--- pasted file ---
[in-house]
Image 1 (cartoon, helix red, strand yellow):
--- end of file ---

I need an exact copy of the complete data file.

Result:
[in-house]
Image 1 (cartoon, helix red, strand yellow):